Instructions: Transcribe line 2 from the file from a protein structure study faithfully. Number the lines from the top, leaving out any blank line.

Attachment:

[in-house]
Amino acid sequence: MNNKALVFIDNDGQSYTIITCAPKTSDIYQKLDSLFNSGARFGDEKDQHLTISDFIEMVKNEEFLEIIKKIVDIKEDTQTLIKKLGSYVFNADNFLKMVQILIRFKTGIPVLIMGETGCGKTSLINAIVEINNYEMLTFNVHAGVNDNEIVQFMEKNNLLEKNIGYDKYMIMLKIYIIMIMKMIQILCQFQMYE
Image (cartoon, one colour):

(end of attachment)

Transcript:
Amino acid sequence: MNNKALVFIDNDGQSYTIITCAPKTSDIYQKLDSLFNSGARFGDEKDQHLTISDFIEMVKNEEFLEIIKKIVDIKEDTQTLIKKLGSYVFNADNFLKMVQILIRFKTGIPVLIMGETGCGKTSLINAIVEINNYEMLTFNVHAGVNDNEIVQFMEKNNLLEKNIGYDKYMIMLKIYIIMIMKMIQILCQFQMYE